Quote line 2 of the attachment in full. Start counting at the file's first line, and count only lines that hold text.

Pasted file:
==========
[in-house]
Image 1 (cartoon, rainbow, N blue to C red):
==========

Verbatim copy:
Image 1 (cartoon, rainbow, N blue to C red):